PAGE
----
If the attempt at therapy with levodopa is successful, this indicates Parkinson's disease. Then the patient is referred to a specialist who can prescribe the necessary medication. If a Parkinson's patient has a stiff muscle and can no longer swallow his pills, relatives must call an emergency doctor. Medical advice is also required in the case of confusion, delusions or hallucinations. The family doctor or a neurologist is responsible. In addition, physiotherapists, surgeons and, depending on the nature and severity of the symptoms, alternative doctors are also involved in the treatment of the nervous disease.
The therapy of Parkinson's is primarily based on early detection and treatment. Since there is currently no cure for Parkinson's, the goals of treatment are mainly to be found in the area of general improvement in quality of life. The aim is to reduce the mental, emotional and motor complaint symptoms. The aim is to ensure that the person concerned can maintain their own independence for as long as possible.
Therapies based on drugs and physiotherapy (including physiotherapy) are used. But a change in diet can also have a supportive effect. The drugs (levodopa and dopamine agonists) are designed to compensate for the lack of dopamine. Furthermore, deep brain stimulation with high frequency can also be used for therapy. This quite new procedure is supposed to stimulate and stimulate the affected brain regions without destroying nerve cells. However, only the symptoms are treated here and the actual Parkinson's disease is not cured.
In the future, however, there could be therapy methods based on stem cell transplantation (stem cell therapy) so that the dead nerve cells are replaced by new and cultivated cells. A low-fat diet, plenty of drinking and sufficient exercise, such as hiking and swimming, have proven helpful.
The peculiarity of Parkinson's disease means that follow-up care cannot prevent its recurrence. This objective is commonly known in tumors. Parkinson's, on the other hand, cannot be cured. Rather, the symptoms progress slowly.
The purpose of scheduled examinations after a diagnosis is to eliminate complications and enable the patient to lead a symptom-free life. Continuous treatment is therefore necessary, the extent of which depends on the respective complaints. Doctor and patient agree on the rhythm of the examination.
The follow-up includes an intensive discussion about existing complaints. This is followed by a targeted physical examination. If the sick person is at an advanced stage, the typical signs can often be seen at first glance. Some doctors may order neuropsychological exams from time to time.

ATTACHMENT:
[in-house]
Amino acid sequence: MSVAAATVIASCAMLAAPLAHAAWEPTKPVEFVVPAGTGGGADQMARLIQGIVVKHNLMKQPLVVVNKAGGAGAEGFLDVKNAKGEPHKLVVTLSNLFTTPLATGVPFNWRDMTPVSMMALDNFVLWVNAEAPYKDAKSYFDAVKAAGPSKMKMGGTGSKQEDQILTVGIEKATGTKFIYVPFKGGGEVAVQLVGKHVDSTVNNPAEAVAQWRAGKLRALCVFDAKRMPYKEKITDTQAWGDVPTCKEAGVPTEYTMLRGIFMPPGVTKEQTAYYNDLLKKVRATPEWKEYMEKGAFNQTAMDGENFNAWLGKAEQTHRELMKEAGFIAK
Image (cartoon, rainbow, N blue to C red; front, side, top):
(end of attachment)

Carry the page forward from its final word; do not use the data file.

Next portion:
The EEG and positron emission tomography (PET) are also informative. With the last method, the metabolic activities of the nerve cells can be mapped. In addition, drugs play an important role in therapy. By taking them, patients usually prevent a dopamine deficiency.
Follow-up care includes regular treatments by physiotherapists, speech therapists and psychologists. The doctor prescribes these treatments if there are restrictions in movement, breathing or articulation as well as mental recovery.
Parkinson's now offers a relatively good prognosis. Although the disease is progressive, i.e. with increasing symptoms, it can be treated well with modern medication and therapeutic measures. Forms of therapy such as brain wave stimulation or stem cell therapy could further improve the prognosis in the future. Parkinson's patients are currently dependent on pain relievers and other drugs. They also need support in everyday life and are no longer allowed to perform various activities such as driving a car. All of these things affect the quality of life.
The prospect of a symptom-free life is not given. However, those affected can live with the disease for several decades. The prognosis depends on the stage at which the disease is diagnosed and the constitution of the patient. Young people can overcome strenuous therapies quickly, but they also have to live with the disease for many years and accept more and more losses over the course of their lives.
Basically, it is important to start therapy early. The prognosis is made by the responsible neurologist or another specialist. It must be regularly adjusted to the current state of health of the patient. In addition to the prognosis, the patient is given comprehensive advice and information about current treatment methods.
Even small changes in everyday life can help maintain the quality of life with Parkinson's for a long time. A safe living area reduces the risk of falls and injuries: classic tripping hazards are carpets, door sills and loose cables, handrails should be attached to stairs. Grab bars are particularly important in the bathroom next to bathtubs, showers and toilets, and non-slip rubber mats ensure a safe stand.
Shower stools, a raised toilet and, if necessary, a height-adjustable washstand simplify daily personal hygiene. Clothing with Velcro and zip fasteners is more suitable for taking off and putting on independently than clothing that has to be buttoned. If it is difficult to tie your shoes, slippers are a good alternative. A long shoehorn makes it easier to slip on.
The trade has a large number of other aids such as special cutlery, cap openers and drinking aids ready for use in the household. In order to maintain the highest possible mobility and coordination skills, gymnastics exercises should be carried out daily. Special exercises train facial expressions, gestures and fine motor skills of the hands.
A balanced diet provides the body with all the vital substances it needs and helps maintain body weight. Parkinson's patients should take the time to eat and drink, chew the food well, and keep the head and body upright. Thorough oral hygiene prevents tooth damage, bad breath and inflammation caused by food residues.